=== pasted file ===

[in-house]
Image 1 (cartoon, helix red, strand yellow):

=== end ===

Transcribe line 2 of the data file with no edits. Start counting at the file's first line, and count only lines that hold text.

Image 1 (cartoon, helix red, strand yellow):